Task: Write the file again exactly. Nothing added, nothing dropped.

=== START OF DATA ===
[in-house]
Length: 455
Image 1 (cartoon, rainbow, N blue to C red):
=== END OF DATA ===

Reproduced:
[in-house]
Length: 455
Image 1 (cartoon, rainbow, N blue to C red):